Ambient House: “This was the sound of that future”

Among other things, including presenting a radio show (The Mystery Lesson) Daniel Spicer will be doing a book on Turkish Psychedelia for Repeater. This is his review of the Ambient House: The Compilation by DFC. — P.J.


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How often does a compilation album change your life? It happened to me very early one morning in 1990 when I was a first-year undergraduate living in halls of residence in Manchester. Towards the end of an LSD trip, just as dawn was beginning to grey the sky, an LP I’d never heard before ended up on my friend’s cheap plastic turntable, squatting like an oracle on the carpet of his tiny box-like room. It stayed there for the rest of the trip and, as we played it over and over, it completely and irrevocably rewired everything I thought I understood about the potential form and function of music.

The album was – and remains – an enigma to me: Ambient House, a 10-track collection, compiled and released by a benignly anonymous pan-European body calling itself Dance Floor Corporation. The sleeve notes, in a cheerfully translated English, promised “a revolutionary new form of dance music that mixes moody atmospheric sounds of new age and ambient music with pulsating house beats.” This wasn’t what I was used to at all. I was a white teenager from suburban South East England, brought up on rock and folk, with a nascent interest in jazz. To me, the recent explosion in dance music meant flimsy radio fodder like S-Express and Black Box. It was something you heard in shopping centres and fast food outlets. I’d never even for a moment considered that anything to do with house music might be worthy of attention. But here, as the sleeve notes proclaimed, were audio concoctions designed to live “in your hearts, not the charts.” In the hours that followed, those sounds beamed new information directly into my brain, like the revealing purple light of Philip K. Dick’s toothache delirium.

The KLF’s “Last Train To Trancentral” collages field recordings of rumbling freight trains, clanging bells and bleating sheep with soaring, sci-fi synths; The Orb’s “A Huge Ever-Growing Pulsating Brain That Rules The World From The Centre Of The Ultra-World” swirls together wafting choral vocals, ascending heavenly chords and an impossibly incongruous sample of Minnie Ripperton singing “Loving You”, all somehow oblivious of and unconnected to the tough electro rhythm shoving it on like an unstoppable, intergalactic engine. These two tracks have since become well-known examples of the genre but, to these ears at least, still sound fresh and otherworldly. If some of the other selections have aged less well they were, at the time, equally mysterious. “Transparenza” by Extreme builds a humid exoticism around a circular three-note keyboard riff and repeated samples of a droplet of moisture plopping into a pool and a single, sensuous human exhalation. Sueño Latino’s self-titled track samples Manuel Göttsching’s minimal electro-kosmische prototype, E2-E4, adding rainforest canopy chatter and Balearic piano, as though soundtracking a lost afternoon in some mythical jungle cocktail bar.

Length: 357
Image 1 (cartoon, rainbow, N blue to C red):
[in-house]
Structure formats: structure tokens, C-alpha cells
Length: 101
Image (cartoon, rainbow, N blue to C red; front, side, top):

But it was the timeless perfection of “NYC Smile On Me” by Aqua Regia that took me furthest away from any psycho-cerebral situation I’d ever encountered before: an endlessly repeating orchestral sample of unfolding sun-burst joy, riding a gentle acid thump and the quintessential, toe-curling 303 wibble. A female voice, squirming in distraught ecstasy, exclaims “Oh, God, please, oh God, I can’t stand it, 24 hours a day.” It felt like a slice of eternity, something that had been happening forever, something that was always happening, never-ending in some untroubled plane of existence, to which we were simply allowed access for a few minutes at a time by dropping the needle on the record. As the dawn strained through a milky, overcast sky back in 1990, my friends and I narrowed the album down to this one track, constantly repeated as we clung on to an inexorably evaporating high. Even now, almost a quarter of a century later, it still sounds like boundless optimism.

For me, this album did something that all great compilations should do: it provided a glimpse of a whole new world of sound and adventure, an alternate reality that was already there, fully-formed, ready to be passionately embraced, given over to, completely immersed in. I’m talking specifically about a special moment in the early 1990s when the counterculture seemed to be experiencing a surge of bright, fresh, optimistic momentum; when the present seemed about to collide with a glorious, inevitable utopian future of designer drugs, smart drinks, cybernetics, neuromancy and virtual reality. It’s absolutely right that the gatefold cover of Ambient House is bursting with lurid Madelbrot Set fractals. Scientific hedonism was going to blow our minds and there was nothing we could do to stop it. For me, this music was the sound of that future beginning to happen, of the great transformation made manifest, right there in that small room in Manchester. It encouraged me, invited me, compelled me to throw myself with utter conviction into the swiftly coalescing vectors of UK rave culture. I didn’t waste any time.

Daniel Spicer